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Ohio Deploying COVID-19 Testing Teams To Nursing Homes

A sanitizer station set up at a Fairfield County nursing home a few days before visitors were banned on March 13 because of coronavirus concerns.
Karen Kasler
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Residents at long-term care facilities, such as nursing homes, make up more than three-quarters of the deaths related to COVID-19 in Ohio. Gov. Mike DeWine says he is now ramping up efforts to combat this problem with a new strategy.

Ohio will be sending Congregate Care Unified Response Teams to places like nursing homes in order to increase testing for the coronavirus in those facilities.

Medical experts with the local and state health departments will do advance work, identifying which facilities need testing the most. Then the Ohio National Guard will go in and administer the COVID-19 tests.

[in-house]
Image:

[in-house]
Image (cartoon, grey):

"The only direction I've given is 'go save lives' and come up with the best way to deploy these resources, to go do it, and let's move," says DeWine.

The response teams will start with testing staff since those people should be the only people going in and out of nursing homes.

COVID-19 cases and deaths have been an issue at long-term care facilities since the beginning of the pandemic. DeWine was asked why the state is just now ramping up testing efforts at nursing homes.

"This is the first time we've felt really we've been able to deploy with this much focus because of the testing," DeWine said, adding that the growing testing capacity helps the state implement this strategy.

There are 916 nursing homes in the state of Ohio and DeWine says about 200 of those facilities already have a history of COVID-19.

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